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Venture Trends 2024 and AI Highlights

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5 Trends to Watch: 2024 Venture Capital

Monday, January 8, 2024

  1. Down-Rounds, Recaps and Difficult Decisions Continue – While many companies tried to avoid down-rounds and recapitalizations by cutting expenses and raising bridge convertible notes in hopes that the funding landscape would change back to more favorable company terms by the end of 2023, that shift does not appear to be coming anytime soon. In late 2023, venture debt lenders were less willing to refinance existing venture debt facilities without an influx of additional equity from existing or new investors. Investors could be making difficult decisions about which companies to fund and which companies to write-off and shut down or sell at a loss. Investors are likely to take a hard look at which companies have real viability versus companies that may just trudge along for a while and ultimately not gain significant traction. Even for companies deemed viable, down-rounds and recapitalizations with pay-to-play and pull-up mechanics, as well as warrant coverage, are in full swing and are likely to continue well into 2024.
  2. Have Capital, Will Pivot – After some companies raised record capital in 2021 and 2022 but their initial business plans/models did not pan out, many are sitting on a stockpile of cash without clear direction. Their answer? Keep the cash and pivot. Investors, on the other hand, may not be so inclined to allow companies to fundamentally shift their business plan while spending capital that was intended for a specific product or market. This could lead to spinouts and creation of new companies allowing investors to choose their path – roll the dice with a known management team while they pivot to a new business or ask for the remaining capital returned so it can be deployed in other portfolio companies. 
  3. AI an Exception – Notwithstanding general headwinds impacting the venture community, start-ups touting advances in artificial intelligence and machine learning (AIML) experienced a banner year in 2023 after products like OpenAI’s ChatGPT and DALL-E, Google’s Gemini, and Midjourney’s eponymous image generator, among others, captured the public’s attention. According to data from PitchBook, AIML companies raised $21.4 billion in 324 transactions through the first three quarters of the year, up from $8.9 billion in 364 deals and $5.1 billion in 380 deals) in 2021 and 2022 respectively. However, the 2023 total includes massive rounds for OpenAI – $10 billion in Q1 – and Anthropic – $ 4 billion in Q3 – suggest a more modest uptick in the market overall. Several name-brand funds have launched AIML-specific funds, while other investors have specifically earmarked large percentages of their existing funds to investments in this space. Look for investments in AIML to continue to grow in 2024.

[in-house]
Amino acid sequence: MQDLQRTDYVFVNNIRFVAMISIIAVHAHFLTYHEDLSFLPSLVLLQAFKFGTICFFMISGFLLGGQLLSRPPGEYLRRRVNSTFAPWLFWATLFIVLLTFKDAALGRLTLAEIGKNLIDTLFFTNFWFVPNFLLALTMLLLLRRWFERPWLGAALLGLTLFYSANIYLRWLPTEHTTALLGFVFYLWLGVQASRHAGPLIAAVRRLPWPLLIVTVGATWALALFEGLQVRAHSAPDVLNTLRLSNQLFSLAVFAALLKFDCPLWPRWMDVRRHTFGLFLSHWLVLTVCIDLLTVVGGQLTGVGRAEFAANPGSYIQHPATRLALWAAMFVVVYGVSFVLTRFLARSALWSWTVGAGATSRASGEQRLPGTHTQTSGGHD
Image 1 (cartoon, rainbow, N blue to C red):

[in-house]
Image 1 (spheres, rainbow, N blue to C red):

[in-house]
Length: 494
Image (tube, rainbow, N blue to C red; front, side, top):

4. Governance in the Spotlight – Over the last few years, several high-profile VC-backed companies have suffered public scrutiny when they hit a rough patch and unconventional governance structures (such as full founder Board control and super-voting rights) are exposed. Portfolio company governance has even become a topic of discussion with LPs at fund investor meetings and the sudden ouster and reinstatement of OpenAI’s Chief Executive Officer, Sam Altman, has brought governance considerations back to the forefront. Expect corporate governance matters to remain top of mind as founders and investors weigh typical venture capital growth economic models against other considerations (including “public benefit” considerations).
  5. IPO Momentum in 2024 – Late-stage, successful VC-backed companies are feeling significant pressure from early investors to achieve liquidity. Hopefully with a better economic outlook — interest rates easing since the Federal Reserve Bank is forecasting three rate cuts in 2024, continued job growth, and cooling inflation — there could be a number of high-profile IPOs for unicorns and others that weathered the storm and have been sitting on the sidelines for the past two years. An IPO exit would be more attractive for these companies, given concern about future M&A exit activity after Adobe’s $20 billion deal to buy Figma was called off, which would have represented the largest ever acquisition of a venture-backed company, according to PitchBook data, and Illumina announced plans to unwind their $7.1 billion acquisition of Grail. Both deals faced regulatory roadblocks.

©2023 Greenberg Traurig, LLP. All rights reserved.

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